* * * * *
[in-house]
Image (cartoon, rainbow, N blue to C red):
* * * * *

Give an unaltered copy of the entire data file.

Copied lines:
[in-house]
Image (cartoon, rainbow, N blue to C red):